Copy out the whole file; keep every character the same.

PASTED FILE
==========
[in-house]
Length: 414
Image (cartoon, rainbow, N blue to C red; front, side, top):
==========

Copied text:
[in-house]
Length: 414
Image (cartoon, rainbow, N blue to C red; front, side, top):